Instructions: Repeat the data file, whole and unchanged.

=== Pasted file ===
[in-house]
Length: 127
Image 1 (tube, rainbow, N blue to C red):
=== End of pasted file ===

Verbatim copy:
[in-house]
Length: 127
Image 1 (tube, rainbow, N blue to C red):